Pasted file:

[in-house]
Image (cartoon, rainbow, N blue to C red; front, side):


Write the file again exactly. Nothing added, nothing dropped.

[in-house]
Image (cartoon, rainbow, N blue to C red; front, side):